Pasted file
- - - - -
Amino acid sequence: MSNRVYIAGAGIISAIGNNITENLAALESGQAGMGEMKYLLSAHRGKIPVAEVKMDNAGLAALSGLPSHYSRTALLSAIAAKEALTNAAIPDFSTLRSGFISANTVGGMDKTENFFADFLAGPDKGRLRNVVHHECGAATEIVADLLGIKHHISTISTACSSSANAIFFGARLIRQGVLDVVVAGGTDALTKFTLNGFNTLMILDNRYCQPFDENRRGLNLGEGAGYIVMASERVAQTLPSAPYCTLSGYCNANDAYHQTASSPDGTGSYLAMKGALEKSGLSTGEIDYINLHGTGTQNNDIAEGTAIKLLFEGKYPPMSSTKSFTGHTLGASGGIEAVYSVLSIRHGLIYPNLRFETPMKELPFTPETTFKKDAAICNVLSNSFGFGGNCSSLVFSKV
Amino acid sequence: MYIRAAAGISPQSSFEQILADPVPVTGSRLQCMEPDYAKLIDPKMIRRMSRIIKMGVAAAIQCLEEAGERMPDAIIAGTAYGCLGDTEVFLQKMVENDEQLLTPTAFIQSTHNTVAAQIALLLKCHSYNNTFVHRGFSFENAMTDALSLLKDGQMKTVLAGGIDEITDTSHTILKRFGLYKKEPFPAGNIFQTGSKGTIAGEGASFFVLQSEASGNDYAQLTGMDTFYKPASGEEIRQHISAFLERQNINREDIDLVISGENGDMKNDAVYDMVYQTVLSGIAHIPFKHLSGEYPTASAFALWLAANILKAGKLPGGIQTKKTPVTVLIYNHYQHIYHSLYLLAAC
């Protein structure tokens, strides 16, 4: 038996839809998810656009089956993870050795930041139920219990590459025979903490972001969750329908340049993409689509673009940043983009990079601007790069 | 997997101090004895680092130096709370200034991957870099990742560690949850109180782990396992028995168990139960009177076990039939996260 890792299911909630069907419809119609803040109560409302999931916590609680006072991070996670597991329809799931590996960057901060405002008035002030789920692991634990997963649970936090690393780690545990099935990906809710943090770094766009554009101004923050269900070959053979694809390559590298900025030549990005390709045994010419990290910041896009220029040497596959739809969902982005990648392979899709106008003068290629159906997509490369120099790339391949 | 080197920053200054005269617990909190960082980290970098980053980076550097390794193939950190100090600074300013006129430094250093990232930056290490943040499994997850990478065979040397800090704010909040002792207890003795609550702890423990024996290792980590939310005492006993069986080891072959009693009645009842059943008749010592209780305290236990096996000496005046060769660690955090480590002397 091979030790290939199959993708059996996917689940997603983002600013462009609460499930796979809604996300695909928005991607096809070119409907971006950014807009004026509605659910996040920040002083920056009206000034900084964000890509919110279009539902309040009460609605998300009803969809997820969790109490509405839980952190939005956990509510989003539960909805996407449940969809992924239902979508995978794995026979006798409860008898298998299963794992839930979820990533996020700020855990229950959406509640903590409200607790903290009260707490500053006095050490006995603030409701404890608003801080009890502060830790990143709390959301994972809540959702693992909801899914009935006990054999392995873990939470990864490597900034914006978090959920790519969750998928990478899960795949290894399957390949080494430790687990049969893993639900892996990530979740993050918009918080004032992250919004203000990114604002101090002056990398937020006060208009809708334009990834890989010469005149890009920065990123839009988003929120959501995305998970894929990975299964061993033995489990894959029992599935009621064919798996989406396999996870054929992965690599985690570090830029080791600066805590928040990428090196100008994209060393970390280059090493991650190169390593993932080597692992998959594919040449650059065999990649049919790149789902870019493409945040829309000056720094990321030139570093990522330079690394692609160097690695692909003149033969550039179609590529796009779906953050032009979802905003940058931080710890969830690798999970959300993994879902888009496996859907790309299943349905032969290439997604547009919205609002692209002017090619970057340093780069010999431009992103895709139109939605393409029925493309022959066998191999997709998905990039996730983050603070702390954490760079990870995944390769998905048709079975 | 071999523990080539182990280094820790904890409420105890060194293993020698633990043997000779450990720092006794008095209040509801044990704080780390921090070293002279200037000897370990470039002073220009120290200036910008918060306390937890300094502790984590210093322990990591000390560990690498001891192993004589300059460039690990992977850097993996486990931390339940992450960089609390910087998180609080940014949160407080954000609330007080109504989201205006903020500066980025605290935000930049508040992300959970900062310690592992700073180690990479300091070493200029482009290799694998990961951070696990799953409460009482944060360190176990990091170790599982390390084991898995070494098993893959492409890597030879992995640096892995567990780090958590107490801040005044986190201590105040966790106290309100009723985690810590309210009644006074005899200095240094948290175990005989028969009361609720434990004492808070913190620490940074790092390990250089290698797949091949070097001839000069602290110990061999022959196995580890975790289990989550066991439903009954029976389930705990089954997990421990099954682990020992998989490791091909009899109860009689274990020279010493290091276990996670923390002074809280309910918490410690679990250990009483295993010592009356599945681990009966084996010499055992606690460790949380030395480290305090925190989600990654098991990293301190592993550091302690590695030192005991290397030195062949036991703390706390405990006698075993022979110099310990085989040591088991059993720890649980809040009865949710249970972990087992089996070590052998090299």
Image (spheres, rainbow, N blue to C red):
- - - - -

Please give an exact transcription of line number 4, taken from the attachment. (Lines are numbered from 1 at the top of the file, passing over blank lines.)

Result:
Image (spheres, rainbow, N blue to C red):